Susan Rice: Another Do-Little Obama Appointee

Like many of her cohorts in the Obama administration, U.N. Permanent Representative Susan Rice seems to spend more time gallivanting around the Washington, D.C. social scene than doing any actual productive work. A report from Richard Grennel, who served as official spokesman for the U.N. Ambassador during the entire eight years of George Bush's term in the White House, suggests that Dr. Rice spends more time channeling her inner Desiree Rogers than forcing direction at the U.N. Security Council.

Rice has been more active 'in the social scene of Washington and the White House' than at the U.N., as suggested by a Security Council Report study that notes a marked decrease in activity at the Security Council over the past year. 

Desiree Rogers, of course, is the Obamas' Social Secretary, described in The Huffington Post as "preening and self-indulgent, lording it over her table at the [first Obama official] state dinner, while ignoring her own mundane duties such as ensuring that someone from her office was at the Secret Service check-point." While Rogers was enjoying herself, a pair of crashers successfully eluded White House security and actually posed with the President for photos.

There seems to be a pattern here: Perhaps B.O.'s staffing decisions revolve around establishing the best group of partiers in Washington, D.C. regardless of their previous accomplishments or proclivity for work. Lord knows that B.O. and his Chicago bride love to party. In fact, the Obamas were spending so much time and money partying at the White House that the watchdog group Freedom Watch sought information just two months into the budding B.O. term regarding how much federal money was being spent helping keep the Obamas and their pals in bubbly. Finally, last week, the White House announced the elimination of the weekly cocktail party.

So what about Grennel's claim regarding Susan Rice? In her own defense, Rice claims that the U.S. had a "very productive year" with "substantive accomplishments" at the Security Council. 

That depends on how one defines the word substantive. Perhaps the most important function of the U.N. Ambassador should be helping determine the focus of the Security Council.  But rather than stressing Council concentration on the world's most pressing security questions -- the nuclear proliferation in Iran and North Korea, for instance, or the urgent need to address violent jihadi terrorism -- it appears that Ms. Rice, if anything, helped direct the Council to address issues revolving around her pet projects in Africa. Rice served as Assistant Secretary of State for African Affairs under Clinton. A review of the resolutions passed by the U.N. Security Council in 2009 finds an incredible 43% of the resolutions passed by the Council last year were focused on Africa. One resolution was passed relating to North Korean nuclear proliferation, and none regarding Iran.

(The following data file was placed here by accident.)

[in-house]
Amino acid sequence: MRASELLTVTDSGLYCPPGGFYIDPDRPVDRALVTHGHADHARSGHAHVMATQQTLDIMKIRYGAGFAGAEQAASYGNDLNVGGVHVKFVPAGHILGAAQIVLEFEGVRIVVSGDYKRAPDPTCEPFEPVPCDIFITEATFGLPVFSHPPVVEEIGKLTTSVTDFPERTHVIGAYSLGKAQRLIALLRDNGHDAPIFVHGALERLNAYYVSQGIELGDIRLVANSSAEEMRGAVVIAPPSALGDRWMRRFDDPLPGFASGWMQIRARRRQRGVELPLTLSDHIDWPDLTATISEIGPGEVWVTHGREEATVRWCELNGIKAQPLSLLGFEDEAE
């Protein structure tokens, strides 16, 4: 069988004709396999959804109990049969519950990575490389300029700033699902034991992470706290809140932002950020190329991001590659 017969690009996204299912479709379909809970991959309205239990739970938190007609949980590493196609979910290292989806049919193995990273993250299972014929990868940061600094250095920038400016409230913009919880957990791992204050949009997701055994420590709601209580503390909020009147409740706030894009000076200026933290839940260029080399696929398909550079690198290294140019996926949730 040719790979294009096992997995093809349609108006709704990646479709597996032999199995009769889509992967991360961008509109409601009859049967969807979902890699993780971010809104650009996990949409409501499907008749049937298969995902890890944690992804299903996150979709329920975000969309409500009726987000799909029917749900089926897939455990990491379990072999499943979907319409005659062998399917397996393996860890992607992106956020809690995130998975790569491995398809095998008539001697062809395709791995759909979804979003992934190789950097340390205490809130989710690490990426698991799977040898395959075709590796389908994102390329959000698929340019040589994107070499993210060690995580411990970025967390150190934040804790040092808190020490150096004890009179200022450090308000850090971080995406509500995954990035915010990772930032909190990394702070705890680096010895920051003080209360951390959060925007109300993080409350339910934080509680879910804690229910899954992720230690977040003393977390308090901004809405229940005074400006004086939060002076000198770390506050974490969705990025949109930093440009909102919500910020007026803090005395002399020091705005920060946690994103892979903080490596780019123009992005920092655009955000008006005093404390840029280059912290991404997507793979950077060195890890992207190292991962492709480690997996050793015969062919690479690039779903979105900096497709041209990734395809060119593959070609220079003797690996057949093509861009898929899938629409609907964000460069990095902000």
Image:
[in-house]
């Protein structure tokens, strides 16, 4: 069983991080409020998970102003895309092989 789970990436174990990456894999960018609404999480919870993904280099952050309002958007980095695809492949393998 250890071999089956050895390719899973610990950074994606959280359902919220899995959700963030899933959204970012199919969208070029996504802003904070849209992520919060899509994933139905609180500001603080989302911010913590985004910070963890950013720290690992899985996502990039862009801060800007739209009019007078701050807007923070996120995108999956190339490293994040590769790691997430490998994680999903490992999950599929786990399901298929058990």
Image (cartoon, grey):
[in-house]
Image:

Substantive indeed. Mr. Gellner sees little redeeming effort or results from the aloof-like-Obama Rice:

Rice has been spending several days a week in Washington with her larger than normal DC-based staff and spending less time with the 200-plus employees who work for her in New York. While Rice launched her UN tenure with a glamour spread in Vogue Magazine by famed photographer Annie Leibovitz showing her kicking back in an empty Security Council Chamber, she seems to not enjoy the Chamber when it's full of diplomats. During the recent Haiti crisis, Rice was not only absent from the Security Council vote to expand the UN's peacekeeping operation, but she also failed to call an emergency meeting in the immediate aftermath to request more help. In fact, 7 days after the Haiti earthquake left tens of thousands of people in the streets without food or shelter, it was UN Secretary General Ban Ki-Moon that came to the Security Council to request more troops -- the American Ambassador hadn't bothered.

The Ambassador's response to the charges speaks volumes about this incompetent administration and the attitude of its players:

... frankly, I think that when we are in negotiations with partners on the Security Council, when I speak for the Administration, whether behind closed doors in consultations or in private -- there's an understanding among my colleagues that I am speaking authoritatively as one of the President's senior advisers, and I think that frankly, very much enhances our ability to get things done, and I think the record speaks for itself.

Only an unrepentant academician with Obama dust in her eyes would believe that speaking for Obama equates with getting something done. The record does speak for itself, and unless we believe that America's security interests are better served by focusing on the Western Sahara, the Côte d'Ivoire, Liberia, and Sierra Leone than with confronting the still-determined Axis of Evil, perhaps we had better get serious about  either finding a new U.N. Ambassador or simply shutting our entire U.N. effort down.

Ralph Alter blogs at Right on Target.